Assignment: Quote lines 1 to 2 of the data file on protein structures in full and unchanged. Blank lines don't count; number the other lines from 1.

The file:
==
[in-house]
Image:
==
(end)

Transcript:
[in-house]
Image: